Following the receipt of an anonymous complaint,the Italian Competition Authority (“ICA”) decided on 22nd October 2013, to open an in-depth investigation into Power-One Italy S.p.A. (“Power-One”) for alleged Resale Price Maintenance.

Power-One is part of the Power-One Inc. Group which is one of the largest suppliers of power inverters which are supplied to power manufacturers throughout the world. A power inverter is a device used to convert direct current into alternating current.

The anonymous complainant attached a letter in their complaint to the ICA headed “Minimum selling price” in which the Vice-President of Power-One reminded all its distributors, resellers and partners that they were under an obligation to apply the minimum reselling price provided for by the Power- One’s price lists.

Moreover, it was expressly stated that “ignoring this indication [Minimum selling price] will result in the interruption of the business relationship with Power-One”.

ICA confirmed that, irrespective of the market share of the parties concerned, Resale Price Maintenance Agreements (“RPMAs”) are considered hardcore restrictions under the Vertical Agreements Block Exemption and serious restrictions of competition by object contrary to Article 101(1) of TFEU. There is no need to undertake an economic assessment to ascertain the effects of such behavior on competition.

The only way such behavior could be regarded as permissible is if the undertaking concerned was able to prove that they would be entitled to an individual exemption pursuant to Article 101(3) TFEU. However as the ICA pointed out that it is extremely unlikely that any pro-competitive effects of RPMAs would overcome the profound anti-competitive effects of an RPM strategy. Secondly, this type of behavior is viewed as sufficiently serious that even the de minimis rule (where the anti-competitive effect is small enough not to warrant sanctions) cannot be applied.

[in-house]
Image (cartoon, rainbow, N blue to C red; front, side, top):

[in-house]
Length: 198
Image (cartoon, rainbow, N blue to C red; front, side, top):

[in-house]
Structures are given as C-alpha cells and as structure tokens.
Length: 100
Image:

This is an interesting case because it shows that even an anonymous complaint is able to trigger an in-depth investigation by ICA. The case is likely to serve as a high profile reminder to companies to avoid setting and enforcing minimum resale prices, as these are contrary to EU and national competition laws. Companies can instead use alternative and legitimate pricing strategies such as setting maximum retail prices or using recommended retail prices to support their distributors in intrabrand competition.